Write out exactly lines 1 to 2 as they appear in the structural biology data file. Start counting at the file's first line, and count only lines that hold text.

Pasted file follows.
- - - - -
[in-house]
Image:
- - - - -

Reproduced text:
[in-house]
Image: